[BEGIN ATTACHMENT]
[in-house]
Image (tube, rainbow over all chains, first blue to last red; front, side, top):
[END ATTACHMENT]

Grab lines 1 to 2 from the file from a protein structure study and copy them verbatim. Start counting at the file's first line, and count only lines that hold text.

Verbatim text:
[in-house]
Image (tube, rainbow over all chains, first blue to last red; front, side, top):